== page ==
Website Design Cambridgeshire
Interesting Information and Facts on Cambridgeshire
- Cambridgeshire is full of cities, and not many counties can boast having three within their borders. Cities are usually classified as a town that has a cathedral which is how Ely is a city. We’ve also got Peterborough which also has a beautiful cathedral. Cambridge, however, is a city but doesn’t have a cathedral. It only got its city charter in 1951, but has technically been a town since the 12th century.
- Cambridgeshire is located in the East of England, conveniently close to both the Midlands region and the London and South East region. Prominent towns in the area include the historic city of Cambridge, Ely, Peterborough and St Ives.
- Cambridge is Cambridgeshires most famous city, ( though this may be argued against by Peterborough residents) and is well known for Cambridge University. Cambridge is a compact city includes a number of attractions, further out in the Cambridgeshire countryside visitors can see the best of the English countryside and a number of charming small towns and villages.
- Local Cambridgeshire attractions for visitors to explore include Cambridge University & colleges including Trinity College, Primavera, Fitzwilliam Museum, Peterborough Cathedral, Oliver Cromwell’s House and Ely Cathedral. There are a number of historic buildings, castles, museums and galleries for visitors to explore in the area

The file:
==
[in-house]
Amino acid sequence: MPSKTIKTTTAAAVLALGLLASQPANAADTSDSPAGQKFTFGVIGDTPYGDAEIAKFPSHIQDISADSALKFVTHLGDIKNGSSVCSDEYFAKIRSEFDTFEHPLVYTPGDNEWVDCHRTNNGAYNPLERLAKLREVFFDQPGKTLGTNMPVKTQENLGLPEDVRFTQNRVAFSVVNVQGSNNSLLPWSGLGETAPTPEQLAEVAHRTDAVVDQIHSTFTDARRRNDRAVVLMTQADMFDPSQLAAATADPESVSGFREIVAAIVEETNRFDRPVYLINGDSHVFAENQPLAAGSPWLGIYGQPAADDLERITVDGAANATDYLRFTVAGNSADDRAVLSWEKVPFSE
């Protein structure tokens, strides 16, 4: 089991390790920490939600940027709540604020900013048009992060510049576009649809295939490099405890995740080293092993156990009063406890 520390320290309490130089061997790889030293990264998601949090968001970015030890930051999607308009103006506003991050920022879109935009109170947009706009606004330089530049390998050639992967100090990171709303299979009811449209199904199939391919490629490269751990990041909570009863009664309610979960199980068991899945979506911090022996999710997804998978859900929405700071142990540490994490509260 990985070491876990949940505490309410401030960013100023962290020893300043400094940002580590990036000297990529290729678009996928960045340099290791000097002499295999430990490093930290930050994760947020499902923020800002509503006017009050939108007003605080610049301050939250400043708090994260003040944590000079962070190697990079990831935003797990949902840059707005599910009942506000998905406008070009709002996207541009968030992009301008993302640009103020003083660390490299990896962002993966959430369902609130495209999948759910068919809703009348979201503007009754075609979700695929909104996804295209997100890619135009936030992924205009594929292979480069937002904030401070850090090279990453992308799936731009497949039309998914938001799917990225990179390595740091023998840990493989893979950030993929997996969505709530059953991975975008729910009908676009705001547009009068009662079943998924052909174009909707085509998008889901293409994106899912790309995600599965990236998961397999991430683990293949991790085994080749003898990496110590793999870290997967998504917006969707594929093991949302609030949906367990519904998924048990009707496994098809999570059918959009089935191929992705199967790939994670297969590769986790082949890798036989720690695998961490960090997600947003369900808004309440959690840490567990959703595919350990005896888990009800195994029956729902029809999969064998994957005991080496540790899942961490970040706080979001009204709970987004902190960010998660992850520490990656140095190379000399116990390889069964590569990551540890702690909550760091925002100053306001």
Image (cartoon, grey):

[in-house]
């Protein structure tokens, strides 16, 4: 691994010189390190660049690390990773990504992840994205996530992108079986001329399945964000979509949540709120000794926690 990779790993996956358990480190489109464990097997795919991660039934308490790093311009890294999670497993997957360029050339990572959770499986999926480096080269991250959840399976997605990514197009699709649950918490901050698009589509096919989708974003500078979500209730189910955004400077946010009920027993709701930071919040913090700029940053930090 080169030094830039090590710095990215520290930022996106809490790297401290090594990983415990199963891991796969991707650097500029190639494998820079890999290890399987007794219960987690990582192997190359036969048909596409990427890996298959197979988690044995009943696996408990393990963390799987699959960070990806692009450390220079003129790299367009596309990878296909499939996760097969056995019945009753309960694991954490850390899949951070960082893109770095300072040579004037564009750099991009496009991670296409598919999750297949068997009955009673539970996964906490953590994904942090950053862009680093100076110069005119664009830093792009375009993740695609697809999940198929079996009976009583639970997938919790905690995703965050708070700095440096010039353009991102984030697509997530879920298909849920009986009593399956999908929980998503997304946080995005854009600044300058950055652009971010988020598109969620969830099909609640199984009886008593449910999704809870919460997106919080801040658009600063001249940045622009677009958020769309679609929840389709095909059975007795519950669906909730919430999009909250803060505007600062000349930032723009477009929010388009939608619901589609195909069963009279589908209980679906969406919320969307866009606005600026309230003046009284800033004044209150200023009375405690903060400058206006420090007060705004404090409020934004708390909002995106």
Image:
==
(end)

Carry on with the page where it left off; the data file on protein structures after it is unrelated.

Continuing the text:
- Cambridge is located on the River Cam approximately fifty five miles north of London and forty three miles South East from Peterborough. The population of Cambridge is about 125,000 people, as of September 2020. The city covers a total area of sixteen square miles).
- The Old Ferryboat Inn at Holywell near St Ives has been serving alcohol since at least 560AD, making it (very difficult to prove with so many such claims others dispute the honour) the oldest inn still in use in Britain? It hosts a pretty ancient ghost too, the spirit of a girl Juliet whose death in 1050 is commemorated by a stone slab in the bar floor – the pub expanded over the site of her grave it seems
- At 9 feet below sea level Holme Fen, 6 miles south of Peterborough, is the lowest point in Britain
- The third largest reservoir in England is Grafham Water near St Neots. Work started on the project in 1962, the reservoir was made by building a dam at the end of a valley, it has a shoreline that stretches for about 10 miles.